Tuesday, January 13, 2009
Got waffles, lipstick, yogurt, or strawberry milk? How about candy, shampoo and nail polish?
The FDA says scattered allergic reactions are the basis for the rule concerning dye derived from the crushed cochineal bug.
Unknown and unnoticed by most consumers, the juice of a tiny beetle first used by 16th century Spanish explorers is responsible for red, pink, orange, and purple coloring in hundreds of U.S. products.
Now, the Food and Drug Administration has decided to make food and cosmetic manufacturers identify the buggy source of carmine or cochineal extract, which may be identified only as “color added” in a product’s list of ingredients.
There is no way to tell how many products contain the dyes, said Mike Jacobson, executive director of the Center for Science in the Public Interest in Washington: “It can be anything red.”
Or other colors: Cochineal is bright orange, while its more purified form, known as carmine, is vivid red. They also may be found in purple or pink coloring.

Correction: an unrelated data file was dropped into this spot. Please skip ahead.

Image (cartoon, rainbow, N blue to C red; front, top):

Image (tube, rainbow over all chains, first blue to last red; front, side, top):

Some manufacturers have begun voluntarily listing carmine as an ingredient on packaging. A check of supermarket shelves found both Dannon and Yoplait strawberry yogurts stating “colored with carmine” on their labels. And cosmetics manufacturer Aveda markets lipsticks free of “bright magenta red pigment extracted from the boiled, dried, or crushed shells, wings and eggs of the female beetle Coccus cacti.”
So, here’s the question for the day: Does the use of bug juices bother any of you?
Had you rather know or would you just rather eat away and not think about it?
Comment as you dare.